Common Sense is Not Artificial

Common Sense is Not Artificial

Despite being a game changer, AI cannot yet beat the human brain at common sense or lifelong real-time learning

We all know that artificial intelligence is set to be the next technological turning-point. It has already taken up several human activities with commendable success and will continue to do so. It is also going to change the way computational technology perceives the world and vice-versa. But Data Scientists and machine language developers admit that despite all its promise AI algorithms still carry inherent inadequacies. Compared to what we – as humans – consider to be “intelligent’, AI is nowhere near.

In a recent article published in Forbes, Rob Toews has mentioned a few areas in which artificial intelligence lags behind. Let us discuss the top two.


The number of facts about how the world works that humans come to understand through lived experience are, indeed, infinite. None can list them down all. We automatically grasp certain situations and facts only because we possess a broad body of basic background knowledge about how the world works. That is possible because we have “lived-in” those situations right from birth. And, as AI researcher Leora Morgenstern rightly puts it, most things a human child picks up naturally from environment are so instinctive that these are never ever documented in a book or something to be formally passed on as training content. Either one has been through it, or one hasn’t.

As a result, the “common sense” we possess is a derived consequence of the persistent mental representations that we develop of different elements and concepts that populate our world—their inherent qualities, characteristic properties, and inter-relationships. That is exactly why an algorithm cannot be trained on them.

In his article, Toews presents an excellent example how even after extensive training an algorithm would miss crucial information. He presents the following three statements narrating an event:

A man went to a restaurant. He ordered a steak. He left a big tip.

Now, if you are asked what this man ate, can you answer it? But of course, you can! It is evident to all that the man ate the steak he ordered. However, this information is evident only to us – humans – and not to an algorithm; because nowhere in the three statements has it been explicitly mentioned. We know people goes to restaurants to eat; they order food there, and leaves a tip only after eating. No machine can surmise that based only on those three given statements.

Language can be used in multiple ways to communicate the same message. We can derive such messages intuitively through our experience. But deep neural networks do not form mental models as we do. They do not possess discrete, semantically grounded representations. Instead, they rely on statistical relationships in raw data to generate insights that humans find useful. For certain tasks, this statistical approach is superbly efficient, but not for some others. Thus, in this example, any AI system would miss the key information altogether – because nowhere the sentences state “this is what the man ate”!

Experts assume, hybrid models are still the only viable solution.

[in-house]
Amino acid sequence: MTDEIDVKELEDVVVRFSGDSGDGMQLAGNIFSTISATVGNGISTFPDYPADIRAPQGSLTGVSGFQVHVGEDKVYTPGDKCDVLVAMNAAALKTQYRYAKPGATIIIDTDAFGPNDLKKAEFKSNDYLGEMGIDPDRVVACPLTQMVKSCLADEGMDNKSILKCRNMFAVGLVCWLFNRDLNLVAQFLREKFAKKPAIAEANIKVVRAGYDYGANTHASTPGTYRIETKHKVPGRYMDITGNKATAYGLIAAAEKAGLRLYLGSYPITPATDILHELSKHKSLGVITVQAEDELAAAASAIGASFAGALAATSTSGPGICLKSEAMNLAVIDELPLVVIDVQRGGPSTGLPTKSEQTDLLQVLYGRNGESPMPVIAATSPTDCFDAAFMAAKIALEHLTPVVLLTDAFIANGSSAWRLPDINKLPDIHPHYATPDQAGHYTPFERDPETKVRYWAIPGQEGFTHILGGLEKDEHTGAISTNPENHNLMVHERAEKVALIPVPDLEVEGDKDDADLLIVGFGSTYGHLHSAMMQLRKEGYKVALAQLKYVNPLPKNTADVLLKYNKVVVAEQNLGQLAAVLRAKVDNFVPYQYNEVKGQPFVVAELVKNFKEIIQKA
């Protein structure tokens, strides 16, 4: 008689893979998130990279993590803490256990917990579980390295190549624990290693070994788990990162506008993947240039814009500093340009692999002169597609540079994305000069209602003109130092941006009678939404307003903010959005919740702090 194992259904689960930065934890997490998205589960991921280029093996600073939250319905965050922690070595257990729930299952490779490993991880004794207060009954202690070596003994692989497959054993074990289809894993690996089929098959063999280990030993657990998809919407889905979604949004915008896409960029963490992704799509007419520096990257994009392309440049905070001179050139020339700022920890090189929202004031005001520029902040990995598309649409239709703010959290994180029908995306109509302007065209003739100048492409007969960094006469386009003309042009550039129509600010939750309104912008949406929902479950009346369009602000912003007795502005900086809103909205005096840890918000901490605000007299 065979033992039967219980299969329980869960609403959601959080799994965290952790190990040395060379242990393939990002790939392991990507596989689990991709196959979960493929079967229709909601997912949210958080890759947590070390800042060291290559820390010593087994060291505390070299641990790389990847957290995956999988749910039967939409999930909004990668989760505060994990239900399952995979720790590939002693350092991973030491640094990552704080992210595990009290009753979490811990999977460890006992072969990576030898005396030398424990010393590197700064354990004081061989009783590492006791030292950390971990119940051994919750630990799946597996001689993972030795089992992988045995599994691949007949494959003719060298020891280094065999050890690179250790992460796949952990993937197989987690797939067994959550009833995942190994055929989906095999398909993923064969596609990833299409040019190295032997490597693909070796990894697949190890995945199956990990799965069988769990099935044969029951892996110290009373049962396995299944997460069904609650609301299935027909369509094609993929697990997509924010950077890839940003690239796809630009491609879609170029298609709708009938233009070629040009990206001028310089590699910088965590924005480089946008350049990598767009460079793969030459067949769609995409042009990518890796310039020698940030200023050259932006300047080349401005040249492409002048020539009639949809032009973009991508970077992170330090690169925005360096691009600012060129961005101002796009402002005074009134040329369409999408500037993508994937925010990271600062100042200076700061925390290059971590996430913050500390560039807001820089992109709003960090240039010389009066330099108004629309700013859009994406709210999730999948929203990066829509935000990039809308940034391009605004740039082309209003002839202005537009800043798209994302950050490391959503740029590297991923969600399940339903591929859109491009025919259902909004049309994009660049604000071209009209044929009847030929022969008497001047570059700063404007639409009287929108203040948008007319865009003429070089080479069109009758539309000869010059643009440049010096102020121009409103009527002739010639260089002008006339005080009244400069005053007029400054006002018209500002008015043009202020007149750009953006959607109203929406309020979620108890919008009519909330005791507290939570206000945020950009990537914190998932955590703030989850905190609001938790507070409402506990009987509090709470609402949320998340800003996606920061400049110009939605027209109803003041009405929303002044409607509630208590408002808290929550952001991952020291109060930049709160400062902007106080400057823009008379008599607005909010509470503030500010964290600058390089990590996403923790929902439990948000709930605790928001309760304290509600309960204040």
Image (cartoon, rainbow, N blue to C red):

Real-time learning

Conventionally, the development process for AI algorithms involve two distinct phases: training and deployment. During training, an AI model is fed with a wide corpus of static pre-existing dataset that provides an extensive exposure for the algorithm to “understand” the real-life setting in which a certain task is to be performed. Once this training is complete, a model’s parameters are fixed. After deployment, the model is expected to work on novel data based on whatever it has already learned from the training data.

Now, how do we refine the existing parameters already learned by the model? We stop it, take it off work, feed it with the new and/or updated dataset, and then re-deploy it. This means, every new learning even would have to be done in batches when the functioning would be interrupted, separate cost and effort would be involved, and this would have to be repeated whenever any new learning has to be added to the model’s parameters.

This batch-based training/deployment paradigm is so deeply ingrained in modern AI practice that we forget how much more refined human learning is. Humans keep on learning all along by accommodating new knowledge while retaining previously learned experiences. This is known as continual or lifelong learning. We encounter a continuous stream of incoming data in real-life. New information becomes available to us incrementally as circumstances keep evolving. We can dynamically and smoothly incorporate this continuous input from our environment, and adapt our behaviour accordingly – without the need to stop everything, learn, and then start again. This means, we, humans “train” and “deploy” in parallel and in real-time.

Conventional deep learning methods are yet nowhere near, primarily because of “catastrophic forgetting.” This is when new information interferes with or altogether overwrites earlier information. Humans preserve all existing knowledge and at the same time makes incremental addition of new information effortlessly.

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